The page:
There are exceptions to the rule: If you have vast savings or a guarantor whom makes 80 times the rent, a landlord is likely to let you slide without meeting the income requirements. It’s also not unheard of for a landlord to request last month’s rent in addition to the first month and security deposit for those with below average credit / income. Our “how much can I afford” guide can give you a little more info on these rules and some ways to overcome them.
So how much income DO you need in order to live in a Chicago neighborhood?
The Map Below Shows Income Required for a 2-Bedroom Apartment in Chicago
The map above shows the median cost of two-bedroom apartments across Chicago and how that relates to the income of those neighborhoods. Shades of red indicates less affordability. Green indicates that median household income would be enough to secure an apartment there and not pay over 30% of one’s income for rent.
It’s important to keep in mind that these are median asking rents and not the rent paid by all residents of these neighborhoods. Median rent means that half of apartments rent for less than this amount and half are above. Neighborhoods where RentHop didn’t have sufficient data will be grayed out.
These Chicago Neighborhoods Are The Least Affordable
Englewood (zip code: 60636) topped the list of unaffordable neighborhoods due to it high median two-bedroom rent ($1,525) and low median household income ($27,475). We found North Kenwood (zip code: 60653) with a $1,450 median 2Br rent to be the second least affordable, with one needing to spend almost 66% of the median household income ($26,176) to rent. Lawndale (59.8%) South Loop (56.8%) and Englewood (52.9%) round out the top 5.
The Table Below Displays All Two-Bedroom Median Asking Rents
It also shows the percent of income spent and income required in all neighborhoods for which we had sufficient data. You can sort by price, alphabetically, or (un)affordability by clicking the top of the column.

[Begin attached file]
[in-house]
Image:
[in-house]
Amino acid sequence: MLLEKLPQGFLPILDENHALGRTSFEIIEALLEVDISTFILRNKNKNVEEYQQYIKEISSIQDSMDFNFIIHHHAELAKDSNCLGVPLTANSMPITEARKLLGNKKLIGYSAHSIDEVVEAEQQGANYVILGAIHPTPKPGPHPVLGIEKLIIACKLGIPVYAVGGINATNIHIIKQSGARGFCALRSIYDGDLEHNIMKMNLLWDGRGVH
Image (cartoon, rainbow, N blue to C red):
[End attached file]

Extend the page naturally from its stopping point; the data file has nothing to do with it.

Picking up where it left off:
Is There Anywhere in Chicago That’s Actually Affordable?
Click a column head to re-sort the table in ascending order. This will show us the most affordable places in Chicago. Topping the list is a bunch of north side and far southwest side neighborhoods.
Certain parts of the Loop (e.g. zip code: 60604) have high enough median incomes ($150,125) to make the $2,405 median rent easily affordable, requiring just 19.2% of that income for an apartment. Norwood Park East apartments are easily within reach, at $1,350 for a two-bedroom requiring 20.5% of the $79,079 median income for rent.
Glenview (21.8% of income for a two-bedroom) Orland Park (22.6%) and Park Ridge (23.0%) round out the top 5 most affordable neighborhoods. Nearly all of these neighborhoods were helped along by the higher incomes and reasonable rents, highlighting the income disparity that exists in Chicago today.
What Does This Mean For You?
While these stats aren’t the only factor that determines what one can and cannot afford, they certainly give an advantage to anyone that didn’t know where to start when deciding where to live and how much they can afford. We encourage you to entertain all options when finding a new apartment, including having as many income-earners in the household as possible and looking at apartments with more bedrooms to bring down the average cost per bedroom.